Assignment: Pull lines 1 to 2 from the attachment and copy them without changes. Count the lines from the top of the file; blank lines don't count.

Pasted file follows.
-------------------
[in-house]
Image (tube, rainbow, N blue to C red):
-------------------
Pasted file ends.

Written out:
[in-house]
Image (tube, rainbow, N blue to C red):